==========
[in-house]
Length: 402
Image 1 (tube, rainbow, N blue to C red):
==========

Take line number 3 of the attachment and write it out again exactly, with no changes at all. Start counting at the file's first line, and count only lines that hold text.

Image 1 (tube, rainbow, N blue to C red):